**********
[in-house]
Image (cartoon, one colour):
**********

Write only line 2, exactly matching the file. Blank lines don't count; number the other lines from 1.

Image (cartoon, one colour):